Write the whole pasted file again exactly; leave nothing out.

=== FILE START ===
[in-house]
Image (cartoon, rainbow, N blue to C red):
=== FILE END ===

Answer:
[in-house]
Image (cartoon, rainbow, N blue to C red):